Metro Council meets tonight

LOCAL NEWS — The Metro Council will meet tonight in a regular session meeting at 6:30 p.m. at the American Legion Building. Beforehand, there will be a Budget Committee Meeting at 6 p.m. and a Public Rezoning Hearing at 6:20 p.m.

The hearing relates to the rezoning of 5.28 acres of property located at the corner of Highway 129 and Charity Road from A-1 agricultural to I-1 light industrial for a truss-building business. Anyone who lives in the area who has questions or concerns, should attend the public hearing.

In new business, the council will hear a resolution to restore 9-1-1 fees to the rate of $1.50 per month. In 1998, the General Assembly established those fees at a rate of $1.50 per month but in 2014, they were reduced to $1.16. If approved, the resolution must be forward to the State Senate and House of Representatives for final approval.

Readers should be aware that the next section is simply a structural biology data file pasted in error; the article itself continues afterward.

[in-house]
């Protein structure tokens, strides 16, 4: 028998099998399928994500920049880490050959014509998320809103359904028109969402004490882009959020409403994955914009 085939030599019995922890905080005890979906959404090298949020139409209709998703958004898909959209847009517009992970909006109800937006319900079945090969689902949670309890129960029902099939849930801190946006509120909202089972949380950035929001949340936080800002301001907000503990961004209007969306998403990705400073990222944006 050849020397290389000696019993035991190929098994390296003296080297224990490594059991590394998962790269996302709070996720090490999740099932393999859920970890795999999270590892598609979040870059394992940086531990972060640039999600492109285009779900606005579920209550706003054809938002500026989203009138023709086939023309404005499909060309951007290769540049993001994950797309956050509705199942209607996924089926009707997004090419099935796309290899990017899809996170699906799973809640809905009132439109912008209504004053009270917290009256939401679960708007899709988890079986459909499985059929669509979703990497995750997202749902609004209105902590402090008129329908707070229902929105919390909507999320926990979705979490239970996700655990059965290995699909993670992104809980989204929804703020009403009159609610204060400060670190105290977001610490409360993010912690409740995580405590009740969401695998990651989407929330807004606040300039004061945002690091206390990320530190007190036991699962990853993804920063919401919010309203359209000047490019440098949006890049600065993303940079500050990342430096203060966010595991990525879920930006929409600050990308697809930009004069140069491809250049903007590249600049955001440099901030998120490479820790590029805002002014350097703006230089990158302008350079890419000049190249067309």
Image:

Russell Sells will also appear before the Council to define the operations of the Metro Utility Board. The Council established the board in 1990 in the resolution only clarifies its scope and responsibilities. The Metro Utility Board members will also be approved at this meeting.

The Metro Council will also consider the creation of a five member Beer Board. Previously, the Beer Board consisted of just three members. The Mayor appoints Beer Board members and the Council approves them. Each member is appointed for a one year term.

In other business, Sheriff Tyler Hatfield will appear before the board to discuss closing the Lynchburg Square on Thursday, October 31 for Halloween on the Square. The Council will also consider granting permisiion to close the public square for the annual Jack Daniel BBQ.

All meeting are open to the general public and any interested citizen. •

New retail district paved the way for on site beer sales

LOCAL NEWS — One of the interesting things about Metro Moore County beer laws was it’s insistence that a store or restaurant selling beer not be within 2,000 feet from a school or church and 300 feet from a residence. It’s a requirement that has traditionally kept many of the businesses around the historic Lynchburg Square from applying for or received an on-site/off-site beer permit.

All that changed at the August 19 Metro Council Meeting, when the council voted 10-5 to change the traditional 2000 foot rule to a new 500 foot rule and exempt folks in the newly created Lynchburg Retail District from that rule.